The final step in the fabrication is the deposition (preferably via lift off) of metal contacts. These contacts come in three forms. One is the metal layer 612 (preferably comprising an n-type Au alloy metal such as AuGe/Ni/Au) deposited on the mesas at the n-type contact layer 114 to form the cathode terminal electrodes 140A, 140B of the device. The second is the metal layer 614 (preferably comprising a p-type Au metal alloy such as AuZn/Cr/Au) deposited on the P+ type implant 171 to form the p-channel injector terminal electrodes 138C, 138D. The third is the metal layer 616 (preferably comprising an n-type Au alloy metal such as AuGe/Ni/Au) deposited on the N+ type implants 170 to form the n-channel injector terminal electrodes 138A, 138B.

Note that the planar bowtie antenna elements 604A and 604B and the p-channel injector terminals 138C, 138D are integrally formed from the same metal layer 614 as best shown in the cross-section of FIG. 6C 1. Also note that the metal layer 614 is formed above the metal layer 612 that makes up the cathode terminal electrodes 140A, 140B. A dielectric layer 618 is disposed between the two metal layers 612/614 to provide for isolation of these two layers.

Note that optoelectronic devices (e.g., lasers, optical detectors, optical modulators, optical amplifiers) include n-type ion implants (not shown) into the top contact layer 130. An optical aperture is defined by the separation between these implants. These implants create a p-n junction in the layers between the n-type quantum well(s) and the surface, and the aperture between the implants defines the region in which the current may flow, and therefore the optically active region of the device. The current cannot flow into the n-type implanted regions because of the barrier to current injection. In addition, to form a device suitable for in plane optical injection into a resonant vertical cavity and/or in-plane optical emission from the resonant vertical cavity, a diffraction grating (not shown), as described in more detail in U.S. Pat. No. 6,021,243, incorporated by reference above in its entirety) and top dielectric mirror is deposited on this structure as described above. To form a device suitable for vertical optical injection into (and/or optical emission from) a resonant vertical cavity, the diffraction grating is omitted. The top dielectric mirror is preferably created by the deposition of one or more dielectric layer pair, which typically comprise SiO2 and a high refractive index material such as GaAs, Si, or GaN, respectively.

Also note that the operations described above to realize a thyristor device (and other optoelectronic devices) from the multilayer structure of FIG. 4 are readily adaptable to realize such devices from the multilayer structure of FIG. 5.

FIG. 6C 2 illustrates a schematic plan view of an alternate realization of the thyristor device 602 of FIG. 6A. This device is similar in many aspects to the device of FIGS. 6B and 6C1 as described above, however, it utilizes interdigitization of the n-type implants 170 (and associated metal layer 616) with respect to the p-type implants 171 (and associated metal layer 614) on both sides of the device as shown. Note that n-type implants 170 and the p-type implants 171 are shallow (preferably on the order of 1000-2000 Å) to achieve high frequency performance. Such interdigitization minimizes the access resistance to the p-type quantum well channel, while slightly increasing the access resistance of the n-type, quantum well channel. Such low access resistance to the p-type quantum well channel provides improved coupling efficiency between the antenna elements and the p-type quantum well channel.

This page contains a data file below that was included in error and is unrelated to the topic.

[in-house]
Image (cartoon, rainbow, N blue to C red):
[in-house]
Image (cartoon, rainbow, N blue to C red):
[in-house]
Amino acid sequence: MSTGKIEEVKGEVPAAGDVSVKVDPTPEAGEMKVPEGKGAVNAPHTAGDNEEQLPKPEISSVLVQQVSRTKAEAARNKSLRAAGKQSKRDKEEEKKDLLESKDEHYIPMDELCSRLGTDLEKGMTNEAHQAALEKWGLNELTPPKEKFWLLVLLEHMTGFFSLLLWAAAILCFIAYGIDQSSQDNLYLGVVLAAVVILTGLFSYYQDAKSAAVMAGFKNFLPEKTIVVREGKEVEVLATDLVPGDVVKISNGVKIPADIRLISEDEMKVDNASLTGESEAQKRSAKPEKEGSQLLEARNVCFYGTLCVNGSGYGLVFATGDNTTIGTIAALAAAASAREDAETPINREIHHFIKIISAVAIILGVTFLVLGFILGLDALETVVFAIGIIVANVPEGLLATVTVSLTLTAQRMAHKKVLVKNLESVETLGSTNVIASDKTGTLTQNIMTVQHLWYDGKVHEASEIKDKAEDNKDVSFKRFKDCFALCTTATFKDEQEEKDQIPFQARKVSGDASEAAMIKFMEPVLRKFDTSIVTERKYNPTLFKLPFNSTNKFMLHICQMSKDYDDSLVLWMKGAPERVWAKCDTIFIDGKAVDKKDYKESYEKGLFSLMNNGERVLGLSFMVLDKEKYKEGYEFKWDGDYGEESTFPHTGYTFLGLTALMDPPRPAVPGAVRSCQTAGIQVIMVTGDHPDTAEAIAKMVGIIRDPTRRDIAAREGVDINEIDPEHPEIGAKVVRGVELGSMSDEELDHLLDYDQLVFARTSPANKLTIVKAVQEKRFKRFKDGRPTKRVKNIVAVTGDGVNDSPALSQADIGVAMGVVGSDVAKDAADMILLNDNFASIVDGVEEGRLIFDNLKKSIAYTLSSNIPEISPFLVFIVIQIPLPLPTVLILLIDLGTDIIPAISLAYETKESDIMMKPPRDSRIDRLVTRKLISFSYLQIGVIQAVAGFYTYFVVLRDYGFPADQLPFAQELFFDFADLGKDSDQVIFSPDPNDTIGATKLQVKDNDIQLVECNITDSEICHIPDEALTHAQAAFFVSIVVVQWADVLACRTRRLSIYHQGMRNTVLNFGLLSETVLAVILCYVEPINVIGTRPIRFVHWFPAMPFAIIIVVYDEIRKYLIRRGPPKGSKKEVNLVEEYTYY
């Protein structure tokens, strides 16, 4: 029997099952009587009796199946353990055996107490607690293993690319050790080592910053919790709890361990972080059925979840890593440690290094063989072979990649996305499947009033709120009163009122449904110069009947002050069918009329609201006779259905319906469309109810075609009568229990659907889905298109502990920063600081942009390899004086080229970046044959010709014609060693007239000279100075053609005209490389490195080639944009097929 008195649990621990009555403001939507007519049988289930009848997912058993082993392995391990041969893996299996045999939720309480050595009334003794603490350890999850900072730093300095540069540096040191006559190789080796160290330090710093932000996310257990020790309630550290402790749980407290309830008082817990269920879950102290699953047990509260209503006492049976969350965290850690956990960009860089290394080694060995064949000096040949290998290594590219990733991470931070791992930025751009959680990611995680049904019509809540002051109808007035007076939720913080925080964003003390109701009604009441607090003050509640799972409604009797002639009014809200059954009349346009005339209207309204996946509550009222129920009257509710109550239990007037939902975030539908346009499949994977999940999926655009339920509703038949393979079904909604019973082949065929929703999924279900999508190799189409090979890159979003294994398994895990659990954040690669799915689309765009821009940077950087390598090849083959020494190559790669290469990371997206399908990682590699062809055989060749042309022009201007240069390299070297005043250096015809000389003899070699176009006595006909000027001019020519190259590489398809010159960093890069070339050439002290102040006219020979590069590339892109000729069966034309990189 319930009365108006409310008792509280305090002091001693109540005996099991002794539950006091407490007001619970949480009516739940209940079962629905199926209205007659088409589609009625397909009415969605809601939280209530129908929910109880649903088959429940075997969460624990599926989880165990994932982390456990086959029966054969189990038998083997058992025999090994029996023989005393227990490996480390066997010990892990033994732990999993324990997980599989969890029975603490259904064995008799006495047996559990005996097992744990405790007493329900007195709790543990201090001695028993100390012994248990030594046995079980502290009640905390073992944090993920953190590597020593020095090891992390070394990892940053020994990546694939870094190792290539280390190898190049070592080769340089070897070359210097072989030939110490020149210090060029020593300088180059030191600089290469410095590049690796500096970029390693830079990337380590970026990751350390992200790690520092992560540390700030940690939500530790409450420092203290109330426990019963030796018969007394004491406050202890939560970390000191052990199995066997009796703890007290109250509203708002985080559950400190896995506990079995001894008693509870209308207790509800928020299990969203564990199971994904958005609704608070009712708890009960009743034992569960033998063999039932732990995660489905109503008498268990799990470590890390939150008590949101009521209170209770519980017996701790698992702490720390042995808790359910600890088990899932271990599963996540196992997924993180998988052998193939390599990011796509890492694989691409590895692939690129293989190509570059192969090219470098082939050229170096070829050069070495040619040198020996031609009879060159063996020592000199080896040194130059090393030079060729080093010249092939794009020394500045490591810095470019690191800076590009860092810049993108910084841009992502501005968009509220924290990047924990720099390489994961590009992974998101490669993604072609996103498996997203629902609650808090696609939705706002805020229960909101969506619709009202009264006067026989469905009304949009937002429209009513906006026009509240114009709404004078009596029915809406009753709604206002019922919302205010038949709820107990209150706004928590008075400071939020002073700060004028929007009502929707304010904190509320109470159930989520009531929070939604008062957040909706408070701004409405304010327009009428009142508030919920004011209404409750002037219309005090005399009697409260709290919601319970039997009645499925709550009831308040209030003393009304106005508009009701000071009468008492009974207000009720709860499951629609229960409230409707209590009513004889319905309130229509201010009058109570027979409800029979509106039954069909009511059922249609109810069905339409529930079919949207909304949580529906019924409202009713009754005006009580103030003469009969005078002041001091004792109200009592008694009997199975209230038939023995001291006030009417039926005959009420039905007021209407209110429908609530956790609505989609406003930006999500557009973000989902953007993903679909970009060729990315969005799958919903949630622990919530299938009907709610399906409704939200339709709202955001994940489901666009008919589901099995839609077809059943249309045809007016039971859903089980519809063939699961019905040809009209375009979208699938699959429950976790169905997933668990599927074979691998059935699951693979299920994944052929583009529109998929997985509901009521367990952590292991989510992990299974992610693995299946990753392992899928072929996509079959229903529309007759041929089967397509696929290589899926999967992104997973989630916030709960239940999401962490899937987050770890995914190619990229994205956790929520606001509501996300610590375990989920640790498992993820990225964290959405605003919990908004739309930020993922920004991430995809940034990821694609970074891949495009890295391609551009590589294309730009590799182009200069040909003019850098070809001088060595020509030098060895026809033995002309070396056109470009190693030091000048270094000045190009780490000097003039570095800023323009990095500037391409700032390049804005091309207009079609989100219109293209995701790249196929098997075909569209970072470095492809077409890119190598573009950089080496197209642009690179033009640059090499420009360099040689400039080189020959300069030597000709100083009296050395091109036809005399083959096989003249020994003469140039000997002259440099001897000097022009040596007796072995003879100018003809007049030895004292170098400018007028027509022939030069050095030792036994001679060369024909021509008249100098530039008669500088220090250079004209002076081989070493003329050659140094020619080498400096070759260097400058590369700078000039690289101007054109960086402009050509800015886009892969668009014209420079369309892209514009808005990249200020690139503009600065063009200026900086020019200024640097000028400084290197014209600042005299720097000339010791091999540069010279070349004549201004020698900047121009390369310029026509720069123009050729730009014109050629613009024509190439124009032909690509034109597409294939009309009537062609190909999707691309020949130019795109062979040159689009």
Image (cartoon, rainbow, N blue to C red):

FIGS. 7A, 7B, 7C1 and 7C2 illustrate thyristor-based THz detectors adapted for imaging applications. In this application, the thyristor-based THz detector forms a pixel element for use in imaging array. As shown in FIG. 7A, the pixel element 700 includes a heterojunction thyristor device 702 (the details of which are set forth above) and a pair of planar bowtie antenna elements 704A, 704B that are electrically coupled to opposite sides of the p-channel quantum well interface of the heterojunction thyristor device 702 via the p-channel injector terminals 138C, 138D of the device 702. The bowtie antenna elements 704A, 704B are sized to receive a desired frequency band within the THz region (100 GHz 10,000 GHz). More specifically, the aspect ratio, which is the length (e.g., vertical dimension in FIG. 7B) over the width (e.g., horizontal dimension in FIG. 7B) and taper angle of the bowtie antenna elements 704A, 704B are set such that the antenna elements receive a desired frequency band within the THz region (100 GHz-10,000 GHz). The antenna elements 704A, 704B may be other types of planar integrated antenna elements, such as planar slot type antenna elements, planar log-periodic type antenna elements, or other planar antenna elements as described above.

The thyristor device 702 is adapted to perform an imaging cycle including a Pixel Setup Mode, a Signal Integration Mode, and a Signal Transfer Mode as described below in detail.

In the Pixel Setup Mode, the n-type QW channel of the device 702 is emptied of free electrons, thereby forcing the n-type QW channel into a state of deep depletion. Preferably, this is accomplished by maintaining the VG1 electrode at a positive voltage (e.g., on the order of three volts) and providing a positive voltage pulse (e.g., on the order of three volts) to the n-channel injector terminal 138A to thereby remove free electrons from n-type QW channel of the device 702. This puts the n-type QW channel into a non-steady state of depletion (devoid of electrons), which will eventually be changes to a steady state of electrons by thermal processes during the signal integration mode. During the initialization operations of the Pixel Setup Mode, preferably the VG2 electrode is maintained in an open-circuit configuration and the electronic shutter control maintains the cathode terminal in an open-circuit configuration. Alternatively, this sequence of operations may be executed by the n-channel injector terminal 138B on the output side (i.e., using the corresponding n-channel injector terminal 138B).